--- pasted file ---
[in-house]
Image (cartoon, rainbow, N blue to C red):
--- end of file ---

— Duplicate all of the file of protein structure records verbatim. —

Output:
[in-house]
Image (cartoon, rainbow, N blue to C red):